In “Madeline, Imperfection, Love, and Loss” (Zeteo, 11.25.2015), Joy Yeager reminds us of that priceless book for children and adults called, simply, Madeline. It’s the story, as she reminds us, “of a little girl, an orphan, who lives in an old house in Paris, with eleven other girls.” A nun, Miss Clavel, is in […]

Categories: Ed Mooney, ZiR | 4 Comments

Thinking sometimes seems like conversing and borrowing and remembering. A colleague or friend says something that starts one off on a path that is half conversational response and half remembering. One remembers having traveled sometime past the conversational thought-paths that are now emerging. When one writes down one’s thinking it is then borrowing from one’s […]

ZiR

Recent Comments

Categories: William Eaton, ZiR | 4 Comments

Thinking sometimes seems like conversing and borrowing and remembering. A colleague or friend says something that starts one off on a path that is half conversational response and half remembering. One remembers having traveled sometime past the conversational thought-paths that are now emerging. When one writes down one’s thinking it is then borrowing from one’s […]

ZiR

July 26, 2018

A point of information... This book was translated as "A Fortnight in the Wilderness" and included as Appendix 2 in "Democracy In America: Historical-Critical Edition", edited by Eduardo Nolla. There this amazing text can be read in full. It is worth comparing the translation by James Schleifer to your own. In particular, the rendering of "désert" to "wilderness" is most intriguing.

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Categories: William Eaton, ZiR | 4 Comments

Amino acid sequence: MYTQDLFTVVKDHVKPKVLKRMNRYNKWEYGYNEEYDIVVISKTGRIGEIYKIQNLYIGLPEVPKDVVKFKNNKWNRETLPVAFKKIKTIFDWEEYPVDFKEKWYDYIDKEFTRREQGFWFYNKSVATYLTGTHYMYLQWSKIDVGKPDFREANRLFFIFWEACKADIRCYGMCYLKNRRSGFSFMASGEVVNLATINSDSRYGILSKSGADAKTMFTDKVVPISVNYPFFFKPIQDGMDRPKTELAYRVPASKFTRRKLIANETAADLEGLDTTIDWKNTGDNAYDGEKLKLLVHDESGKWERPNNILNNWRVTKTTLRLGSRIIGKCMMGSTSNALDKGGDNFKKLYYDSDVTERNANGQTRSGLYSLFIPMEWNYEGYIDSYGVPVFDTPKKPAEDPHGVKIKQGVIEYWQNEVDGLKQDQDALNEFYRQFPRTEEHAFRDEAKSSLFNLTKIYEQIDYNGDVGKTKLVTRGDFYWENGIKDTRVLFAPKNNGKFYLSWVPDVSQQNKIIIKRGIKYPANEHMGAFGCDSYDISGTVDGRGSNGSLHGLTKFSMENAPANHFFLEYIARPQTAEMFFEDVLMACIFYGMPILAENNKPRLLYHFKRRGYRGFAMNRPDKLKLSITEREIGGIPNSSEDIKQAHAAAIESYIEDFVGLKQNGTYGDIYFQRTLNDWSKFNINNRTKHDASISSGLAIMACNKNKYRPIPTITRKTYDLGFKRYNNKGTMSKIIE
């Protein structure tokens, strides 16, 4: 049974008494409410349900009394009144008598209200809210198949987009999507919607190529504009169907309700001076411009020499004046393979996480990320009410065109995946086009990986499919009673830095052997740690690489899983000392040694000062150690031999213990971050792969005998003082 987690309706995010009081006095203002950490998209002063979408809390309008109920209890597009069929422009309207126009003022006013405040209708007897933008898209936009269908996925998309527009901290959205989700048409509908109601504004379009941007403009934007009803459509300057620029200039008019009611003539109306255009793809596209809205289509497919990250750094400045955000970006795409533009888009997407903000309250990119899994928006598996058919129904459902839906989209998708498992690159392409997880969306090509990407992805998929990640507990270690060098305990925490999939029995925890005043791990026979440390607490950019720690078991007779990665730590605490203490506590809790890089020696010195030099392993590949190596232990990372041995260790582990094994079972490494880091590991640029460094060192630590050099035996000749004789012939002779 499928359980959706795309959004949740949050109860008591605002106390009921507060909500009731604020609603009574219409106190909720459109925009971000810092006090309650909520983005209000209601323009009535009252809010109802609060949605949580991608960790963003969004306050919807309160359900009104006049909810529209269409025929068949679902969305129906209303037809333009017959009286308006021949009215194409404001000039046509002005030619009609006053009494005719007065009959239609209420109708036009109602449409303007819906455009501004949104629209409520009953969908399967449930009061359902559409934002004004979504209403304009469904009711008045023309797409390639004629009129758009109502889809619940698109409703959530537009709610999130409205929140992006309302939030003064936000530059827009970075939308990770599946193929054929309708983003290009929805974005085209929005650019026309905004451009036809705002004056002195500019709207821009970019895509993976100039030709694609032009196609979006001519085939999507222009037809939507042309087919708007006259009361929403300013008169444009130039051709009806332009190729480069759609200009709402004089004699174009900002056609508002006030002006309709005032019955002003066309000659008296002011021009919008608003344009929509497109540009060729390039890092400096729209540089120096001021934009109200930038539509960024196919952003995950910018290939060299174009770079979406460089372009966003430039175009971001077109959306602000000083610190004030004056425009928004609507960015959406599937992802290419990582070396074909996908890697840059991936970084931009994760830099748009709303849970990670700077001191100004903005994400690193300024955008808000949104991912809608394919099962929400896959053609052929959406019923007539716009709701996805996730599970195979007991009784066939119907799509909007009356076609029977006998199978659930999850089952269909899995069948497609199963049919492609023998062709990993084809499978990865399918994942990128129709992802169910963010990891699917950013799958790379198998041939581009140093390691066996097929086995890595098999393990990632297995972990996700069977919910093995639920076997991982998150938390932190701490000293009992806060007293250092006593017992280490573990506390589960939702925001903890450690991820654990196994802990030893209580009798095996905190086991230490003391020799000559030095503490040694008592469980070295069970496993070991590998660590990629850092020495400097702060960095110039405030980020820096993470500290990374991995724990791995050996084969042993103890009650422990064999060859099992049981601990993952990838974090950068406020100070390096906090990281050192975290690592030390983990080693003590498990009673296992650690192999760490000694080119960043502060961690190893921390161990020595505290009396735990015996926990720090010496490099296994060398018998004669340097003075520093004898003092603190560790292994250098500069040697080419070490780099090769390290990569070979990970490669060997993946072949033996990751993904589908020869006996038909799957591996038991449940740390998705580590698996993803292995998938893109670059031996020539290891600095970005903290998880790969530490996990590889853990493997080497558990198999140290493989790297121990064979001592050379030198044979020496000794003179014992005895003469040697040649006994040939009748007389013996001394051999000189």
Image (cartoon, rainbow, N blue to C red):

Thinking sometimes seems like conversing and borrowing and remembering. A colleague or friend says something that starts one off on a path that is half conversational response and half remembering. One remembers having traveled sometime past the conversational thought-paths that are now emerging. When one writes down one’s thinking it is then borrowing from one’s […]

ZiR

July 26, 2018

Thanks so much for this translation and excellent analysis.

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Categories: William Eaton, ZiR | 4 Comments
Asano_Takeji-No_Series-Snow_at_Iwashimizu_Hachiman_Shrine_Kyoto

Thinking sometimes seems like conversing and borrowing and remembering. A colleague or friend says something that starts one off on a path that is half conversational response and half remembering. One remembers having traveled sometime past the conversational thought-paths that are now emerging. When one writes down one’s thinking it is then borrowing from one’s […]

ZiR

July 16, 2018

Thanks a lot, Steve. And, continuing the segue-ing, here's an old (and traditional) Gary Snyder poem I just came across yesterday: Seaman’s Ditty I’m wondering where you are now Married, or mad, or free: Wherever you are you’re likely glad, But memory troubles me. We could’ve had us children, We could’ve had a home— But you thought not, and I thought not, And these nine years we roam. Today I worked in the deep dark tanks, And climbed out to watch the sea: Gulls and salty waves pass by, And mountains of Araby. I’ve travelled the lonely oceans And wandered the...